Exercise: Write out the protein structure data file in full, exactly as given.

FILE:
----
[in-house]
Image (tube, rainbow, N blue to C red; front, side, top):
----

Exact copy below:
[in-house]
Image (tube, rainbow, N blue to C red; front, side, top):